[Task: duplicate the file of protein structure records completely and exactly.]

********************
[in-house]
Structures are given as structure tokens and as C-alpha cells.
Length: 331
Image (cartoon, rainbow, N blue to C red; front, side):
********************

[in-house]
Structures are given as structure tokens and as C-alpha cells.
Length: 331
Image (cartoon, rainbow, N blue to C red; front, side):